U.S. Customs and Border Protection said the seized cocaine totaled more than $11.8 million in street value.
U.S. policy has focused on eradicating the crop used for making cocaine in Colombia. Here's why farmers keep replanting it.
Eilene Zimmerman didn't learn of her ex-husband's addiction to cocaine and opioids until after his death. "This had happened in front of us, and we hadn't recognized it," she says.
A Colombian man trying to sneak more than a pound of the drug into Spain was caught with the package (poorly) hidden under his fake hair, a police official told NPR.
The semi-submersible vessel was reportedly carrying more than 17,000 pounds of cocaine, worth some $232 million.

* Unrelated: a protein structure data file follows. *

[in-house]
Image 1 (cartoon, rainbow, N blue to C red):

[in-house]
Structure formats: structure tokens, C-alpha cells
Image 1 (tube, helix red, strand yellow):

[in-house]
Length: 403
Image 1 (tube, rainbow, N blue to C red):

The drugs were reportedly found in seven containers aboard the MSC Gayane at Philadelphia's Packer Marine Terminal. Authorities say it is one of the biggest-ever drug busts in the U.S.
Scientists collected freshwater shrimp at 15 locations in Suffolk. Shrimp from all of the sites were found to have detectable amounts of cocaine, and many had other drugs or pesticides.
Authorities say 60 packages of the drug worth about $77 million on the street were found in a shipping container.
As efforts to get farmers to stop growing coca in favor of legal crops falter, some farmers feel abandoned. But one man says he'll stand by them, helping farmers shift to cacao for high-end chocolate.
If farmers uproot coca plants, whose leaves are used to make cocaine, the government has promised money, seeds and technology to help raise everything from peppercorns to pigs.